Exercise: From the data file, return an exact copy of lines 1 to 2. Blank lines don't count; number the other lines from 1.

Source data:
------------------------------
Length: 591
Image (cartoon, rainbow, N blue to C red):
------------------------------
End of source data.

Length: 591
Image (cartoon, rainbow, N blue to C red):